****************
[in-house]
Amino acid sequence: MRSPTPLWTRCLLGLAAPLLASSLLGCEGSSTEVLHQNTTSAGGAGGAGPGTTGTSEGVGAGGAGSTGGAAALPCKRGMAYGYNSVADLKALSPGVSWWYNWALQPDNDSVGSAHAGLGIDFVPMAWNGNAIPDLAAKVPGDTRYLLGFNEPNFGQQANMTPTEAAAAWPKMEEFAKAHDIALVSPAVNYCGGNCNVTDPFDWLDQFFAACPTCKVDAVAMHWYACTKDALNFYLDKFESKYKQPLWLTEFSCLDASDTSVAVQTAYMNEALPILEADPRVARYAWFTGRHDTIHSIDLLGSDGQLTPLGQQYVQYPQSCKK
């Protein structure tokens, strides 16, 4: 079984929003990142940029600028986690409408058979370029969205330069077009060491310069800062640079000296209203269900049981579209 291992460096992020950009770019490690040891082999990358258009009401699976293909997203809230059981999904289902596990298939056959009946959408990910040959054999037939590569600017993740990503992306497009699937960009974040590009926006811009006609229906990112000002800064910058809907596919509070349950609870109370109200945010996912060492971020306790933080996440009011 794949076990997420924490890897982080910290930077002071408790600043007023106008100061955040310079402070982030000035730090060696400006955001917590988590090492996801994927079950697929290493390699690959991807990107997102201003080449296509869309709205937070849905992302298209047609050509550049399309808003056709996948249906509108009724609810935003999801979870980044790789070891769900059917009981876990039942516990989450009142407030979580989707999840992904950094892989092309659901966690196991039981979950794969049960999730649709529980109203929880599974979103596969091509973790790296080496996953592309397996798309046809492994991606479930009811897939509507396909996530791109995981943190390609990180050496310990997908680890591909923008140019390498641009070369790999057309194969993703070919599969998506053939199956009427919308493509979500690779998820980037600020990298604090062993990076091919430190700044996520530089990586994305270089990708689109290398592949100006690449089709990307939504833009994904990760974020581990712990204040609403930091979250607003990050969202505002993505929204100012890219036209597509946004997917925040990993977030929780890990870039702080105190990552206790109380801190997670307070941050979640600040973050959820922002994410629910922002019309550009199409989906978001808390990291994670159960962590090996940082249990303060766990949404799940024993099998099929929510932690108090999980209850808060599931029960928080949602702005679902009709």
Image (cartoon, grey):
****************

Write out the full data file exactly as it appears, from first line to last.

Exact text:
[in-house]
Amino acid sequence: MRSPTPLWTRCLLGLAAPLLASSLLGCEGSSTEVLHQNTTSAGGAGGAGPGTTGTSEGVGAGGAGSTGGAAALPCKRGMAYGYNSVADLKALSPGVSWWYNWALQPDNDSVGSAHAGLGIDFVPMAWNGNAIPDLAAKVPGDTRYLLGFNEPNFGQQANMTPTEAAAAWPKMEEFAKAHDIALVSPAVNYCGGNCNVTDPFDWLDQFFAACPTCKVDAVAMHWYACTKDALNFYLDKFESKYKQPLWLTEFSCLDASDTSVAVQTAYMNEALPILEADPRVARYAWFTGRHDTIHSIDLLGSDGQLTPLGQQYVQYPQSCKK
């Protein structure tokens, strides 16, 4: 079984929003990142940029600028986690409408058979370029969205330069077009060491310069800062640079000296209203269900049981579209 291992460096992020950009770019490690040891082999990358258009009401699976293909997203809230059981999904289902596990298939056959009946959408990910040959054999037939590569600017993740990503992306497009699937960009974040590009926006811009006609229906990112000002800064910058809907596919509070349950609870109370109200945010996912060492971020306790933080996440009011 794949076990997420924490890897982080910290930077002071408790600043007023106008100061955040310079402070982030000035730090060696400006955001917590988590090492996801994927079950697929290493390699690959991807990107997102201003080449296509869309709205937070849905992302298209047609050509550049399309808003056709996948249906509108009724609810935003999801979870980044790789070891769900059917009981876990039942516990989450009142407030979580989707999840992904950094892989092309659901966690196991039981979950794969049960999730649709529980109203929880599974979103596969091509973790790296080496996953592309397996798309046809492994991606479930009811897939509507396909996530791109995981943190390609990180050496310990997908680890591909923008140019390498641009070369790999057309194969993703070919599969998506053939199956009427919308493509979500690779998820980037600020990298604090062993990076091919430190700044996520530089990586994305270089990708689109290398592949100006690449089709990307939504833009994904990760974020581990712990204040609403930091979250607003990050969202505002993505929204100012890219036209597509946004997917925040990993977030929780890990870039702080105190990552206790109380801190997670307070941050979640600040973050959820922002994410629910922002019309550009199409989906978001808390990291994670159960962590090996940082249990303060766990949404799940024993099998099929929510932690108090999980209850808060599931029960928080949602702005679902009709």
Image (cartoon, grey):